The metastatic efficiency of disseminated tumor cells is rather low (e.g. less than 0.01%) mainly due to the existence of various rate-limiting factors in the microenvironment that cells encounter during the metastasis process (Alix-Panabières and Pantel, 2014; Kang and Pantel, 2013; Valastyan and Weinberg, 2011). In particular, when tumor cells intravasate and enter into the vasculature, CTCs lose the anchorage to solid substrates and the protection from the primary tumor microenvironment. Instead, they become suspended and vulnerable to many biochemical (e.g. cytokines, immune cells) and biophysical cues (e.g. fluid shear stress) in the circulation system. Our current and previous work, together with many others, has shown that CTCs in suspension are able to sense and respond to fluid shear stress (Fan et al., 2016; Jin et al., 2018; Mitchell and King, 2013; Regmi et al., 2017; Xin et al., 2019; Xin et al., 2020). As a result, blood shear flow can induce substantial CTC apoptosis. Nevertheless, a minor subpopulation of CTCs persist and survive in the vasculature and might contain the metastasis-initiating cells with the ability to eventually generate the metastatic tumors. The mechanotransduction mechanisms of adherent tumor cells in response to various mechanical cues have been extensively studied (Broders-Bondon et al., 2018). In contrast, how suspended CTCs respond to and survive under fluid shear stress remains poorly understood.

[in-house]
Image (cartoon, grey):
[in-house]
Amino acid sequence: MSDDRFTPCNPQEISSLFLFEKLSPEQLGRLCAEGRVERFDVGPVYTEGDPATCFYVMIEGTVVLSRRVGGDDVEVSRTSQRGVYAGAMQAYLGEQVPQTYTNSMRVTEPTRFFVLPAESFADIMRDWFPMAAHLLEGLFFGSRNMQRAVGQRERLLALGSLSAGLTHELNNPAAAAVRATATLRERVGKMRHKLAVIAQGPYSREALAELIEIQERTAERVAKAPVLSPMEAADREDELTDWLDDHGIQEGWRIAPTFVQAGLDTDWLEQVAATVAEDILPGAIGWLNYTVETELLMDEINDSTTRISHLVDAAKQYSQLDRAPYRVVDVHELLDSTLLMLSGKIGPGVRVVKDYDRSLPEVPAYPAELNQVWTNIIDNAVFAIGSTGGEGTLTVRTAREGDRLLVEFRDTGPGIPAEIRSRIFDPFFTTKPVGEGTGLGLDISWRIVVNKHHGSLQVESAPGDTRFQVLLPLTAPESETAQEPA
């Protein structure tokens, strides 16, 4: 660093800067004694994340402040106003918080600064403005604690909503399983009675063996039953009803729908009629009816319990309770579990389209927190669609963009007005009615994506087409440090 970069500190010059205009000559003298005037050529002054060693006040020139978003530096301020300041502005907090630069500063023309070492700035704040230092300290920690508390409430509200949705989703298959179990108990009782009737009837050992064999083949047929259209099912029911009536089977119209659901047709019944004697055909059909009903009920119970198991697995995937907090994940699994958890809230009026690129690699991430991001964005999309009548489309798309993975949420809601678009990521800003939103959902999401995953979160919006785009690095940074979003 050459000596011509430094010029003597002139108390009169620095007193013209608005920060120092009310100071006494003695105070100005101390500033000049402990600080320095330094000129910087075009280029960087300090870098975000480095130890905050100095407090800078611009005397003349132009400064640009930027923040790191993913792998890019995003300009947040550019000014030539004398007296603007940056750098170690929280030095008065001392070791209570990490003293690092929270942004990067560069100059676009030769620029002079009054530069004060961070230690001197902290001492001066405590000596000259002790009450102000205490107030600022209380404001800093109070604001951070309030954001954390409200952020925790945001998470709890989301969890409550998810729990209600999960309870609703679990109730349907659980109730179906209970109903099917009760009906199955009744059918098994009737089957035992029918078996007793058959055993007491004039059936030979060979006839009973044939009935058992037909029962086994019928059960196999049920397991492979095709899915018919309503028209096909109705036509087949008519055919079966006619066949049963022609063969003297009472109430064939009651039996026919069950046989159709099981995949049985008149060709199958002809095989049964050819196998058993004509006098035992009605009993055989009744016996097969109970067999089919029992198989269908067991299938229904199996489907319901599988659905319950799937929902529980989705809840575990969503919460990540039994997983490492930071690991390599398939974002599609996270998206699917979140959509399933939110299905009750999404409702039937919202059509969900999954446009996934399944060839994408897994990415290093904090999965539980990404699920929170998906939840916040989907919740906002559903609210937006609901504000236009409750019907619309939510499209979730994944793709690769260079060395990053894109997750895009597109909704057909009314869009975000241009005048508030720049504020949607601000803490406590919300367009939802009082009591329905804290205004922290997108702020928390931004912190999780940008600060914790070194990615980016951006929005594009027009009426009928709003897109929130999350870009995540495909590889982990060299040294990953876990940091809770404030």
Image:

This study reports that fluid shear stress reduces the viability of CTCs in suspension and considerably increases the nuclear size of surviving tumor cells. Interestingly, shear flow slightly reduces the nuclear size of adherent tumor cells. These findings suggest that nuclear expansion is one unique mechanotransductive response of suspended cells to fluid shear stress and that the status of suspension or adherence affects the mechanoresponse of tumor cells to mechanical cues. The difference in the mechanotransduction mechanisms between suspended and adherent tumor cells remains unknown and is worthy of further investigation in the future. Furthermore, fluid shear flow enhances the HAT activity and histone acetylation, which mediate the nuclear expansion of suspended tumor cells. Previous studies have shown that circulatory shear flow increases the nuclear area of suspended SK-BR-3 cells with and without confinement (Cognart et al., 2020). When cells are attached to solid substrates, fluid shear stress activates Piezo1-mediated Ca2+ signaling and reduces nuclear size (Jetta et al., 2019). Pulsating fluid flow reduces the cell and nuclear size of osteoblasts (Jin et al., 2020). Nevertheless, shear flow induces H2B acetylation, chromatin decondensation, and nuclear expansion of human embryonic stem cells (Wang et al., 2019).